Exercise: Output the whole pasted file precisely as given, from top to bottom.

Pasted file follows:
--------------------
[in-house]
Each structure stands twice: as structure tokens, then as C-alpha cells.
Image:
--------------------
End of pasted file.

[in-house]
Each structure stands twice: as structure tokens, then as C-alpha cells.
Image: